Before the deaths of Michael Brown and Eric Gardner and the national controversy that ensued, I neither gave much thought to nor was I concerned about the state of our criminal justice system, much less about how the color of one’s skin makes it more likely that a person will fall into this system and be wronged by it. Then Thabiti Anywabwile, one of the pastors at my church, wrote a poignant blog post on his greatest fear about coming back to the States after pastoring a church in the Cayman Islands: That this country would “destroy” his young black son. This post and others he wrote stirred many in our mostly white church to think about how as Christians we should respond to issues of race and injustice, and to seek to understand the fears and struggles borne by many of our black brothers and sisters in the faith. These conversations suggested I give more serious thought to these issues, and then, as we were driving one day, my wife and I had a conversation about statistics she’d read showing how blacks and other minorities disproportionately fall victim to the uneven enforcement of harsh laws that have the power to ruin lives. As we talked, I decided that we should read a book to understand these issues better. Because I had heard of it recently, I first thought of Michelle Alexander’s well-reviewed The New Jim Crow: Mass Incarceration in the Age of Colorblindness, but before I settled on this choice I came across (on Twitter, so you see, it can be useful!) Bryan Stevenson’s Just Mercy: A Story of Justice and Redemption (Spiegel & Grau, 2014), a deeply personal and richly told story by a young lawyer who champions the cause of the condemned. I’m only forty pages into it, and already it’s a terrific read that has educated, challenged, and unsettled me about an issue that deserves more attention, especially from those of us who know a just and merciful God who commands us to fight for the rights of the poor and the oppressed.

Below is a brief but powerful and challenging excerpt:

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“My work with the poor and the incarcerated has persuaded me that the opposite of poverty is not wealth; the opposite of poverty is justice…I’ve come to believe that the true measure of our commitment to justice, the character of our society, our commitment to the rule of law, fairness, and equality cannot be measured by how we treat the rich, the powerful, the privileged, and the respected among us. The true measure of our character is how we treat the poor, the disfavored, the accused, the incarcerated, and the condemned.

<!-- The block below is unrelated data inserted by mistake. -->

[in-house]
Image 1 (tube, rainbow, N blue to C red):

“We are all implicated when we allow other people to be mistreated. An absence of compassion can corrupt the decency of a community, a state, a nation. Fear and anger can make us vindictive and abusive, unjust and unfair, until we all suffer from the absence of mercy and we condemn ourselves as much as we victimize others. The closer I get to mass incarceration and extreme levels of punishment, the more I believe it’s necessary to recognize that we all need mercy, we all need justice, and – perhaps – we all need some measure of unmerited grace” (18).

An Example of Spiritual Self-Examination

(c) David Martin; Supplied by The Public Catalogue Foundation

Whitefield preaching

Whitefield preaching in Bolton, England.

Better than Ben Franklin’s list of virtues, which I featured in this post, are the questions that George Whitefield would use to examine his spiritual life at the end of every day. Whitefield (1714-1770) was an English Anglican preacher whose eloquent, passionate sermons were an icon of the British and American Great Awakening, making him, according to some historians, the most famous religious figure of the eighteenth century. He and Ben Franklin actually got along quite well – both intelligent and gregarious – and Franklin, a skeptic, famously confirmed that, even in those days before loudspeakers or microphones, Whitefield’s preaching could be heard by as many as 30,000 people at one time.

But, the excerpt below is not so much about Whitefield the preacher, but rather about Whitefield the Christian. His deep spirituality and intentionality of purpose evident in these questions are an example for us all. This is quoted in Donald S. Whitney’s Spiritual Disciplines for the Christian Life (1991):

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Have I,

1. Been fervent in prayer?

2. Used stated hours of prayer?

3. Used ejaculatory prayer each hour?

4. After or before every deliberate conversation or action, considered how it might tend to God’s glory?

5. After any pleasure, immediately given thanks?

6. Planned business for the day?

7. Been simple and recollected in everything?

8. Been zealous in undertaking and active in doing what good I could?

9. Been meek, cheerful, affable in everything I said or did?

10. Been proud, vain, unchaste, or enviable of others?

11. Recollected in eating and drinking? Thankful? Temperate in sleep?

12. Taken time for giving thanks according to (William) Law’s rules?

13. Been diligent in studies?

14. Thought or spoken unkindly of anyone?

15. Confessed all sins?